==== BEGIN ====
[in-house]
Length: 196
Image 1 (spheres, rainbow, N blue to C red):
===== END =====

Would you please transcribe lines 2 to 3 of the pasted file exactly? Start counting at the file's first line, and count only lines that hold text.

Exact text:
Length: 196
Image 1 (spheres, rainbow, N blue to C red):